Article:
Climbing has proved how varied it is - a mixture of physical strength and technique. This sport is fairly complex since each route varies from another. There are multiple climbing systems to grade its difficulty implying its wide range. That being said, flexibility is one of the very important aspects so that you can be physically flexible to do the required moves and literally flexible to adjust to each climb. Keeping your joints loose will allow you to do a wider array of movements. Climbing is quite specific in a way that pure flexibility in not always enough as you also have to have active mobility. Being flexible to put your foot up is one thing, the other is to be able to use the foot with strength while this extreme position is reached.
When you stretch prior to training, there are essential body parts that need to be warmed up so that you move efficiently. A stiff hip can limit your twisting capabilities, a dead knee may not be able to backstep or drop enough, and a stiff inner thigh can make you unable to do a high step. Moreover, reaching for far away holds is a measure of balance and grace. It’s a test of how you keep your center of gravity well-positioned so that each movement is strong yet precise. Being warmed up and flexible will also get you center of gravity closer to the wall, so that the actual climbing movement becomes less physical and thus easier to do.
Here are some stretches that you can practice before and after your training, making you warm and ready for your next climb.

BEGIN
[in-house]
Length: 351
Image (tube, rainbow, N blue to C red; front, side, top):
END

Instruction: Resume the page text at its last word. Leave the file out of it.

1. One-legged pigeon pose
This pose is known to stretch your hamstrings and hip flexors, which are usually tight from sitting too often. This also allows you to perform that high step which is often needed for any harder boulders and rope climbs.
Those arms need some loosening before any climbing session. Start off slow by rotating the limbs clockwise for a few rounds, then counterclockwise to balance out the stretch. Start with small circles and make them gradually bigger. While doing circles, start with your thumb pointing up, then down. Do that with your palms as well: palm up, palm down.
3. Walking lunge
Start off by standing straight, then step with your right leg forward. Make sure your movement is controlled and slow while you lower your hips down towards the floor. Both knees should end up at 90-degree angles. Your front knee should be aligned to your ankle, verticcaly and also horizontally. Do not put your knee in front of your ankle. Do the same on the other side. 10-20 steps for each leg.
4. Leg swings
This stretch loosens up hamstrings and hip flexors. With the leg swings, you warm up your joints and muscles that help increase the range of movement and activate mobility as well. Keep your hip straight and don't move it during the entire range of motion. Twisting the core and hip limits the stretching effect.
5. Sumo squat with a twist
Squat down as low as you can, but make sure your back is straight. Your hips should be as open as possible. Then put your hands on your knees, and twist your body so that your shoulder dips down. This move allows you to stretch your shoulders and thighs simultaneously.
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